The purpose of the Kingston Culture Plan was to create a sustainable, authentic, long-term vision for cultural vitality in Kingston. The Plan was built around three focus areas that included Stories, Places and Capacity and outlined strategic directions, initiatives and recommendations for action and an implementation timeline. It also identified opportunities for collaboration among City departments in support of municipal objectives as well as possibilities for connections between cultural organizations and local stakeholders to achieve outcomes that are mutually beneficial.
That work has been underway for almost a decade now and much has been accomplished at the City and within the community that has helped to propel Kingston forward as a community that punches above its weight in terms of culture and cultural vitality. Some of this work is more obvious like the growth of the Grand OnStage program, the renovation of the J.K. Tett Centre, increased arts and heritage funding and the creation of a public art master plan. However, a lot of this work is less obvious like the fact that culture in all its many different forms is now the driving force behind Kingston’s tourism brand “fresh made daily”.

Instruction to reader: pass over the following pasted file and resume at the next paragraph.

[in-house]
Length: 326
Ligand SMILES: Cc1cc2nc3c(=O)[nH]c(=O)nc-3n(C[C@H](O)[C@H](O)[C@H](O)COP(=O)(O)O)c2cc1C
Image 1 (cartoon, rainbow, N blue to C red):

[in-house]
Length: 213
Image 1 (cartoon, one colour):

It’s important to share all the great things that are going on here in Kingston and that’s the point of this blog. To explore the work the City of Kingston is doing on its own and in collaboration with people across the community to leverage the arts, heritage and culture in ways that benefit as many people as possible. It’s a fact that culture is important to Canadians with 86% of the population attending arts activities, 77% reading a book, 70% visiting a heritage site and 50% making art. Culture also accounts for 3% of Canada’s GDP as well as well as 3.5% of all jobs in Canada. Its impact is significant nationally and that’s increasingly true at a local level here in Kingston and that’s what we look forward to exploring through this blog.
Cultural vitality as the experience of the arts, heritage and culture in all its diversity. Follow our posts and you're welcome to leave a comment below.
Recently, I received a thoughtful message from a community member about my Mar. 5 briefing to council regarding the City’s proposed mid-rise and tall building design guidelines. This individual’s note referenced an excellent article I’d like to share on human-scale design in relation to mid-rise buildings, as well as a recent Whig article where I acknowledged that “the public has a lot of misconceptions about the tall buildings in the city.” Ironically, there have been some misconceptions about the statement itself and what it says about the City’s interpretation of the Official Plan.